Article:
- Feature documentaries Watandar My Countryman, directed by SA’s Jolyon Hoff, written by SA’s Muzafar Ali and produced by Hoff and Ali together with SA’s Hamish Gibbs Ludbrook, The Last Daughter from Adelaide Studios based Gravity Films; Embrace: Kids from SA body image activist Taryn Brumfitt, with SA producers Anna Vincent and Bonnie McBride;
- Short films The Last Elephant on Earth, funded under the SAFC/AFF/Panavision Short Film Production Initiative, from SA director Johanis Lyons-Reid and SA writer and producer Piri Eddy, and Hike, from SA animation, game and experience studio Monkeystack, directed by Justin Wight and Alexander Rodeghiego-Smith;
- As well as Virtual Reality (VR) projects Wave from SA artists Gerry Wedd and Gabriella Smart and SA producer Mark Patterson, with digital production by SA’s Jumpgate VR; and Monkeystack’s Thin Ice VR.
South Australia on show to the world
South Australia’s screen capability shone on screens globally in January alongside the state’s rugged Flinders Ranges in the premieres of Zac Efron feature film Gold, and BBC One, Stan and HBO Max drama series The Tourist, South Australia’s biggest ever TV production starring Jamie Dornan and produced by South Australian producer Lisa Scott of Highview Productions. The Tourist topped BBC iPlayer ratings as the streaming platform’s most popular single episode of 2022, with UK viewers streaming the premiere 6.1 million times, and the series boxset 32 million times.
This year also saw premieres of SA made and SAFC supported productions:
- The Stranger starring Joel Edgerton and Sean Harris for Academy Award winning production company See-Saw Films, which received standing ovations in Cannes Film Festival’s Un Certain Regard program;
- Season two of Emmy award winning children’s series First Day from Epic Films and KOJO Studios, which premiered in March on ABC and Hulu in the US;
- ABC children’s series MaveriX;
- Glen Pictures’ young adult drama series Gymnastics Academy: A Second Chance!, the first Netflix series commission from a South Australian production company;
- ABC Kids series Beep and Mort, directed by Rosemary Myers and produced by Kaye Weeks of SA’s Windmill Pictures;
- Season two of docu-series Aussie Snake Wranglers from South Australian producer Colin Thrupp of Breakout Productions;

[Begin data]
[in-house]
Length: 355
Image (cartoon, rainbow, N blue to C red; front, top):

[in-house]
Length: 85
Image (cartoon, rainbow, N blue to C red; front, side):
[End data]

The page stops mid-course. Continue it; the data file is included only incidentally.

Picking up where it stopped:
- Documentaries The Endangered Generation?, produced by Daniel Joyce, and The Silent World of Barry Priori, written and directed by Anne Tsoulis and produced by Alison Wotherspoon;
- and SBS Digital Originals series A Beginner’s Guide to Grief from SA writer Anna Lindner and SA producers Julie Byrne and Kate Butler of KOJO Studios,
- as well as the Australian premiere on Stan of animated series YOLO: Crystal Fantasy, co-produced by SA’s Justin Wight of Adelaide Studios based company Monkeystack, the first series commissioned by Adult Swim outside the US.
Major accolades for SA screen
SAFC supported productions were honoured on the global stage with season two of Hulu and ABC series First Day nominated for a 2022 Children’s and Family Emmy Award for Outstanding Young Teen Series; SBS digital series A Beginner’s Guide To Grief nominated in the Newform Drama Series category at the C21 International Drama Awards 2022; and documentary My Name is Gulpilil shortlisted for the prestigious Rose D’Or Awards; while The Tourist won the awards for Best Series and Best Creation at the 2022 Monte-Carlo Television Festival Golden Nymphs.
SAFC supported productions and practitioners achieved accolades at the highest levels in Australia too, with five wins at the Australian Academy of Cinema and Television Arts (AACTA) Awards across multiple categories for The Tourist, The Stranger and A Beginner’s Guide to Grief, which was named Best Digital Series, and multiple Logie Award nominations for both The Tourist and Aftertaste including Most Outstanding Miniseries or Telemovie and Most Popular Comedy Series, while SAFC supported video game Rooftop Renegade from SA games studio Melonhead Games won the coveted People’s Choice Award at the 2022 PAX Australia Indie Showcase.